So, in none of the above cases do we have to tell an interest rate story. Why do we now tell an interest rate story? Interest rates being the price of credit, and all: an across-time price.

  8. "So, that's even worse - the Phillips curve has the wrong slope." - no, you can clearly see that the percent change vs percent curve has one correlation then the opposite, depending on what 'regime' the data are in, such as 'boom times' or 'bust (post-boom) times'. The analogy with physics: the same fluid will behave differently depending on whether the regime is "laminar" or "turbulent", with the cutoff between the two regimes being quite dramatic (analogous to the charts here), with the cutoff determined by the fluid's "Reynold's number". It's surprising to me that you cannot see this. BTW these sorts of correlations are used in IQ tests all the time...the more you can spot, the higher your IQ.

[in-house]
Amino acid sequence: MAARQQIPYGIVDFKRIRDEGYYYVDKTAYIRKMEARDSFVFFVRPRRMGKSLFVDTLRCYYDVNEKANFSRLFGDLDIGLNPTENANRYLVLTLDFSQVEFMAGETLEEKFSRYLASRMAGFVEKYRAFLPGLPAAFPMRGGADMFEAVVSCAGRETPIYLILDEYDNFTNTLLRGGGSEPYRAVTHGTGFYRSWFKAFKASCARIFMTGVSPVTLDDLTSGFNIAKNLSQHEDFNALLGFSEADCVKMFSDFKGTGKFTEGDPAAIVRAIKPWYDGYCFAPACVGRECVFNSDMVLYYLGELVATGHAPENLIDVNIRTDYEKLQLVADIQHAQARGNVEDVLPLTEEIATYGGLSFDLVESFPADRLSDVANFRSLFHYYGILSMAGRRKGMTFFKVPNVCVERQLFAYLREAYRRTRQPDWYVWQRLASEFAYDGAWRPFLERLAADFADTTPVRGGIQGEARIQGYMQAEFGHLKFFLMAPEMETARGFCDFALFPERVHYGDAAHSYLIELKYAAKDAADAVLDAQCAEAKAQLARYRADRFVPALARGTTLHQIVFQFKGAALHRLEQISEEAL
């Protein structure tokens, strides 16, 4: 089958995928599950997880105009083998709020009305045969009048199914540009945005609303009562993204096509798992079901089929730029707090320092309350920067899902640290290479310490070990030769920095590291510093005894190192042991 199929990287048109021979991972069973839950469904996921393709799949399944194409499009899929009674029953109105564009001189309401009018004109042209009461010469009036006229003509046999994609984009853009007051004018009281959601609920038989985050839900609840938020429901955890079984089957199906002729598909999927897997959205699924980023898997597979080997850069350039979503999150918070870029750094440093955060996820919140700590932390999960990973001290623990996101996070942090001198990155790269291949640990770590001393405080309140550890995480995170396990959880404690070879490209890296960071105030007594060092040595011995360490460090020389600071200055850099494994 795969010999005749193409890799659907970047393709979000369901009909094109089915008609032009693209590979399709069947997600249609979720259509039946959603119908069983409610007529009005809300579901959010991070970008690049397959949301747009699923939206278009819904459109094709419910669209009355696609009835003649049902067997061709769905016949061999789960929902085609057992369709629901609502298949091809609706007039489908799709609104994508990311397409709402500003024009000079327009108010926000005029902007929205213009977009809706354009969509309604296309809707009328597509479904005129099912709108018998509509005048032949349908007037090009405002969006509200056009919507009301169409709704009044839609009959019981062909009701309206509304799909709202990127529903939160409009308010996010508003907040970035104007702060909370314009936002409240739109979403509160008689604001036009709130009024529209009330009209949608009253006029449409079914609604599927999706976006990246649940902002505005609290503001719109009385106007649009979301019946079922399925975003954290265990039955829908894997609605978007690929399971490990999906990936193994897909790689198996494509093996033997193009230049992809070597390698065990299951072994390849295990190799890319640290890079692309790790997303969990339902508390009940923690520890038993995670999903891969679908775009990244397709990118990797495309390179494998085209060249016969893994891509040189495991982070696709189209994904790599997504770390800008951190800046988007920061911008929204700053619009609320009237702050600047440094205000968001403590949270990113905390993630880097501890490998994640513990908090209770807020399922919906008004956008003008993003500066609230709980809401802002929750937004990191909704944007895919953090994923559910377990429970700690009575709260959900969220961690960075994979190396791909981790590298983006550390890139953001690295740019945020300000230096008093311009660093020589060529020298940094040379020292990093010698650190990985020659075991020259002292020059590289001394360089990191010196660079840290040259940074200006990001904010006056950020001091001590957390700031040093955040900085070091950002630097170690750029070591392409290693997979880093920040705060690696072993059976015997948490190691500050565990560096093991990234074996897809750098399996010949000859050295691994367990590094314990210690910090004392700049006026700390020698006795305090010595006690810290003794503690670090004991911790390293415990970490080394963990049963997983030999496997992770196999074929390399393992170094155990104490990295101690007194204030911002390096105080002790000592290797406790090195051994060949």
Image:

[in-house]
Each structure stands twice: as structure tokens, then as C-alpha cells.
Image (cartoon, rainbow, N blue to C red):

1. Some people can see the virgin Mary in a grilled cheese sandwich:

      Maybe people like that have high IQs, or have studied fluid dynamics (or cheese dynamics).

    2. Spotting correlations like these is similar to finding conspiracies -- they are there, of course, and anyone who can't see them is part of the conspiracy.